ANSWERS: 1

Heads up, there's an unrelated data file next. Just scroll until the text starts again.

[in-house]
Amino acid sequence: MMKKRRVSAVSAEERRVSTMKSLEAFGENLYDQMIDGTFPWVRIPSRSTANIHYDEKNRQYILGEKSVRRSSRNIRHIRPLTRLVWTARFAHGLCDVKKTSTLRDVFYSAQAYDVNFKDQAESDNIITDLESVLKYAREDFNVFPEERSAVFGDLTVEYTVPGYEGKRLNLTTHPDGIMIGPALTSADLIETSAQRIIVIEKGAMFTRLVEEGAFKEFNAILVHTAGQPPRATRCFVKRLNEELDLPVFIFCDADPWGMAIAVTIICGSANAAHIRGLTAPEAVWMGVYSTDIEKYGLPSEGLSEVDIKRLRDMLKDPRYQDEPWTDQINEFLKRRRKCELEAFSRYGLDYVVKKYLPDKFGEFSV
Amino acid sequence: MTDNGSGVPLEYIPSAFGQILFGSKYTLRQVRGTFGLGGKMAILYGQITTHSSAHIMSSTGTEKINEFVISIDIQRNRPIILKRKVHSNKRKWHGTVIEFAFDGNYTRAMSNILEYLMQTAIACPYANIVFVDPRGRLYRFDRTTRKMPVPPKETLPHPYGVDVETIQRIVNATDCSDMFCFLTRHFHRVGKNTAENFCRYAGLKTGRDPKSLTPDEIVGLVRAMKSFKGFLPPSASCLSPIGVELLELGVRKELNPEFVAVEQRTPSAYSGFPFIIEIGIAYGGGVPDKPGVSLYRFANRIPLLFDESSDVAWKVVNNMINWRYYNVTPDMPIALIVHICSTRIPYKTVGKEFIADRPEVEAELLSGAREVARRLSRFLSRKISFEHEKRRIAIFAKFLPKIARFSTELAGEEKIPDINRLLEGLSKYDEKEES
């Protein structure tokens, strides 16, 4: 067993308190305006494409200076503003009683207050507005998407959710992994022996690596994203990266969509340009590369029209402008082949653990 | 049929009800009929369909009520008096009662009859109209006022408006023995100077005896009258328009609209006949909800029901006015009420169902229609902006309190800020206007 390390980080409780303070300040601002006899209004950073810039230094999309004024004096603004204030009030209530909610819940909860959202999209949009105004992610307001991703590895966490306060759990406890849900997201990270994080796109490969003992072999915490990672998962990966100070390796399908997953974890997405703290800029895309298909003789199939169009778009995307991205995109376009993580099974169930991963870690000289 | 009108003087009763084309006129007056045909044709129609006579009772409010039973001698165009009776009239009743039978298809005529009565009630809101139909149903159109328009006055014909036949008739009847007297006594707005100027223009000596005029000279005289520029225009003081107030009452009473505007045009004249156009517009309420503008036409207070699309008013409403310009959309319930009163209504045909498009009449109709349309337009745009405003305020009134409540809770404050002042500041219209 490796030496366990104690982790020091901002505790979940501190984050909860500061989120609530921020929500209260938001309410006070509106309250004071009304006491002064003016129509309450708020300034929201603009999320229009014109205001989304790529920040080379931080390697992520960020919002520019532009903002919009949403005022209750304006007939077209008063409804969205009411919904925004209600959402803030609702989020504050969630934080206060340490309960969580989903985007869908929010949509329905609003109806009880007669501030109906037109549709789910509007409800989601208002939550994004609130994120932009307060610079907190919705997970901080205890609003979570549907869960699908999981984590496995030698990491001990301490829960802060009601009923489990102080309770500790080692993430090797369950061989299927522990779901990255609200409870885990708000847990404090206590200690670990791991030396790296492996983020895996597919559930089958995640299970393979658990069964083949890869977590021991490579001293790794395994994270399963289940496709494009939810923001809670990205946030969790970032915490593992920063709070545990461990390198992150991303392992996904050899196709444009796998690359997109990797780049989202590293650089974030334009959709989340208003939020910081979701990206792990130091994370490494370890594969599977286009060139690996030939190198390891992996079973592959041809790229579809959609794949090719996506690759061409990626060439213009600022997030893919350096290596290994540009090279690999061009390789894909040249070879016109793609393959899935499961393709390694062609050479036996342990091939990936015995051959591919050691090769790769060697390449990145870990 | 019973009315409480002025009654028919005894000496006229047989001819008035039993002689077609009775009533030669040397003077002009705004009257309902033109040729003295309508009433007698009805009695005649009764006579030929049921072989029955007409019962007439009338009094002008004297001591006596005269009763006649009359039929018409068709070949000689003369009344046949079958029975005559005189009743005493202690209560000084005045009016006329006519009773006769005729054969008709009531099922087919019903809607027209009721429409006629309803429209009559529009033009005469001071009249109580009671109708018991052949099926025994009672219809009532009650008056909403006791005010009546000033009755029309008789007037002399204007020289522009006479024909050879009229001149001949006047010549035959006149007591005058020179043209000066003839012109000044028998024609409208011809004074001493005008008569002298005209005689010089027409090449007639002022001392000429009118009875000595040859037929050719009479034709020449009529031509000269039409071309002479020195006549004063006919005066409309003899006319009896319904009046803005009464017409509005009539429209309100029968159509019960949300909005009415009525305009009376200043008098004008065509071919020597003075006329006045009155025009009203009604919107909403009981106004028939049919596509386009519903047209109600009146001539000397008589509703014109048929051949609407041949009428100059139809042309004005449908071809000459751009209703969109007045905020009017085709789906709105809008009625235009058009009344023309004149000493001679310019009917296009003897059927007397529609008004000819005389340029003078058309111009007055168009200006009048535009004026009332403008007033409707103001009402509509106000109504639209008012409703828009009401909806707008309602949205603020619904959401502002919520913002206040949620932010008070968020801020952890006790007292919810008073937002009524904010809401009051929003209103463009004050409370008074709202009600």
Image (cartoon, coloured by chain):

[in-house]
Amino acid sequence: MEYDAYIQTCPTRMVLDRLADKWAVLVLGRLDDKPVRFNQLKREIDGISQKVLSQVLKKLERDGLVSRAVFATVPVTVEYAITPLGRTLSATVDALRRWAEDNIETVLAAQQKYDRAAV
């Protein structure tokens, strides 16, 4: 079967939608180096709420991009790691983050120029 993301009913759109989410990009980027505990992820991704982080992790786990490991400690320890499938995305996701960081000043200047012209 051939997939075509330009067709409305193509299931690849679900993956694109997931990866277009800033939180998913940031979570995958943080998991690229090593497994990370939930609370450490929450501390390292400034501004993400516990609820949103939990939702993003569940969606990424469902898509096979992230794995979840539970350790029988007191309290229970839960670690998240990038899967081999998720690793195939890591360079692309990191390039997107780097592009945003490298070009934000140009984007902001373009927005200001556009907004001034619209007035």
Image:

• My interpretation is, although netmasks (arguably) still exist, there is little use for them in IPv6. (shamelessly copied from http://en.wikipedia.org/wiki/Subnetwork#Subnetting_in_IPv6_networks) Subnetting in IPv6 networks The primary reason for subnetting in IPv4 was efficient utilization of the relatively small address space available, particularly to enterprises. Subnetting is also used in IPv6 networks. However, in IPv6 the address space available even to end-users is so large that address space restrictions no longer exist. The smallest recommended allocation to an end-user is an address space of 80 bits (prefix /48) or in some cases 64-bits (prefix /64) for smaller networks. An IPv6 subnet always has the size of 64 bits intended for the host portion of the address. Although technically possible, smaller subnets are impractical because of the methods used for stateless autoconfiguration of network interfaces (RFC 4862). Subnetting, based on the concepts of Classless Inter-Domain Routing is however used in the routing aspects between networks. http://en.wikipedia.org/wiki/Subnetwork http://wiki.linuxquestions.org/wiki/IPv6_deployment:addressing http://www.pkmz.com/uploads/manuals/ipv6.pdf hope that helps...

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